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IAUC 7892: V838 Mon

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                                                  Circular No. 7892
Central Bureau for Astronomical Telegrams
Mailstop 18, Smithsonian Astrophysical Observatory, Cambridge, MA 02138, U.S.A.
IAUSUBS@CFA.HARVARD.EDU or FAX 617-495-7231 (subscriptions)
URL http://cfa-www.harvard.edu/iau/cbat.html  ISSN 0081-0304
Phone 617-495-7440/7244/7444 (for emergency use only)

     M. Orio, National Institute for Astrophysics, Torino, and
University of Wisconsin; D. Harbeck, Max-Planck-Institut fuer
Astronomie, Heidelberg; and J. Gallagher and C. Woodward,
University of Wisconsin, report that images (0".141/pixel) of the
"light echo" around V838 Mon (IAUC 7859), taken with the WIYN 3.5-m
telescope on Apr. 19 (R band, and H_alpha narrow filter) and 21 (V
band, and [O III] narrow filter), show a filled, approximately
circular shell, not limb brightened, with a diameter of 35" on both
nights.  They add:  "The contour of the shell is irregular, with a
broad structure in the shape of an arc and clumps but no small-
scale structure.  There is more structure in V than in R.  Lack of
conspicuous H_alpha and [O III] line emission confirms that it is a
reflection, rather than an ionization, nebula.  An R image obtained
on Apr. 30 at the WIYN 0.90-m telescope (scale 0".60/pixel) still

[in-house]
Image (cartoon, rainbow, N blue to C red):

shows a 35" diameter, so the outer edge of the reflecting material
was reached before Apr. 22."
     H. E. Bond, N. Panagia, and W. B. Sparks, Space Telescope
Science Institute; S. G. Starrfield, Arizona State University; and
R. M. Wagner, University of Arizona, report that the rapidly
evolving light echo around V838 Mon was imaged with the Hubble
Space Telescope on Apr. 30.  The newly installed Advanced Camera
for Surveys was used in its polarimetric mode with a B filter.  The
echo shows significant linear polarization, as expected for
scattering off interstellar grains, but numerical results await
forthcoming calibration observations for the ACS.  The structure of
the echo is complex:  V838 Mon is surrounded by at least 11
separate, approximately circular concentric rings or arcs, out to a
radius of 22".  Most of these arcs correspond to the intersections
of the light-echo paraboloid with sheets of interstellar material
in the line-of-sight (similar to the transient echo rings seen
around SN 1987A), but it is possible that some of the features at
the smallest radii arise in circumstellar material from
hypothetical previous outbursts of V838 Mon.  The echo also
contains several highly structured, non-concentric filamentary
features.  The prominence of the echo strongly suggests that V838
Mon was intrinsically extremely luminous during its prolonged
outburst, and is thus unrelated to the fainter FG Sge-like 'born-
again' red giants.  It may instead be related to the very luminous
extragalactic red variable 'M31 RV' that had a long outburst in
1988.  Analysis of the polarimetric images will yield geometric
constraints on the distance of V838 Mon.  An additional HST
observation will be made during the week starting May 20.
Continued intensive ground-based monitoring of the light curve and
the light echo is urged.

                      (C) Copyright 2002 CBAT
2002 May 6                     (7892)            Daniel W. E. Green

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